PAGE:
Slapping The Blind
Wednesday, February 24, 2010
NBC reaches a new low in begging for sympathy,
and athletes show you how to slap your way to success. It's Day
13 of the Vancouver Olympics!
• We start tonight with the
Men's 4x10km cross-country ski relay. There are no Americans
in this event
at all, yet we're
starting with it! That's kind of cool.
For your future Olympic
attendance reference, look at the surroundings at this race.
The crowd is right
up against the fence and they're all cheering. The snow is
lightly falling. The mountain scenery is beautiful. Doesn't
that look like fun?
I'll bet you the tickets are cheap, too,
compared to, say, the gold medal hockey game. Just for grins,
States beat Switzerland in hockey this afternoon to advance
to the semifinals, I looked up how much it would cost to buy
to the hockey final. Stubhub says:
$2,700 per ticket. Yowza! Well, I'm sure it will be on TV.
• Petter Northug is a cross-country
skier from Norway. He's brash and in-your-face! He's the alpha
male of cross-country skiing! His attitude is extreeeeeme! This
might all be true, but even if he's great, he's still just a cross-country
skier. That might mean something in Norway, Petter, but here
it's only good for fluff.
• Mary Carillo rides a dog sled for fluff! Mary has once again journeyed
1,300 miles from Vancouver, all the way to Manitoba, so she can
visit a sled dog camp. We're introduced to the owners and the dogs. Awwww!
They're so CUTE! But Mary's favorite dog, Isabelle, isn't just
cute, she's also blind. Yes! BLIND! A blind sled dog! This is fantastic!
It's not enough for NBC that their human fluff is based on tragedy,
now they've managed to scour the entire country of Canada until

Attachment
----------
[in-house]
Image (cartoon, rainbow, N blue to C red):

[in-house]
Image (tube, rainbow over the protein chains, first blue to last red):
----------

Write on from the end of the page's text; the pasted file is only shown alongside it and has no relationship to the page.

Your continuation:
they could find a tragic sled dog! In a twisted way, I'm impressed that
they could still find a way to surprise me.
Still, Manitoba? 1,300 miles? Do you remember
in 1996 during the Atlanta games all of those great stories NBC
did about Fargo, North Dakota? No? Well, how about in 2002 during
the Salt Lake games, all of those wonderful stories about St. Louis?
Still no? Well, that's how far 1,300 miles is. NBC has apparently
made no effort at all to find something to do near Vancouver. Although,
to be fair, it's not like you can just call up a web page that
to do in Vancouver. That would be totally unrealistic.
• But speaking of weird fluff statistics,
reader Kent asks:
I was wondering if you ever charted over time the sports vs fluff
vs ads. It seems like the sports coverage has increased this year
- what is your take?
Well, we aim to please, so we went back
through the archives and graphed our results.
appears your gut was correct, Kent. Over the course of the years,
NBC has increased the amount of event coverage and decreased the
amount of fluff in their Olympic broadcasts.
But look how much
fluff there was in 2000. When we first decided to do the Olympic
it was mainly in protest
of how much fluff NBC put on the air. The average time
spent on events in 2000 was 61 percent. There were nights when
it was as low as 54 percent, that is, barely half of
a four hour Olympic show was Olympics.
So, things are better now, but there's still
room for improvement!
• Off to Fog Mountain for
the Women's Giant Slalom. Could Vancouver be any less lucky with
the weather they've gotten for these Olympics?
First they went weeks without snow. Then it was raining on the
snow that was already there, causing it to melt. And now it's so foggy
on Cypress Mountain that we can barely even see the skiers. If
Lindsey Vonn wins a gold, will we even know?
• Whoa! I guess it doesn't matter. Lindsey catches an edge about two-thirds
of the way down and crashes into the snow fence. Even stranger,
Julia Mancuso is already on the course and bearing down on Vonn's crash
site. Isn't this dangerous?
Yes it is. Race officials give Julia
a yellow flag, which stops her run. I've never seen THAT before! This is the
ever seen. Now they take Mancuso back to the top of the hill
to do her run again. I know this is all tape-delayed, but does
any time to recover? It seems really unfair to stop her potentially-leading
run and immediately send her back on the top of the mountain
to race again.
But that's what they do, and while she
was challenging for first
place on her first run, on her second run she finishes 18th.
She's obviously upset. I don't blame her. Moments later, the
suspend the event due to fog, so run two of the giant slalom
won't happen until tomorrow.
• Oh yes, it's Ohno! Over to short
track speed skating we go for the Men's 500m quarterfinals. Apolo
qualifies for the United States, as does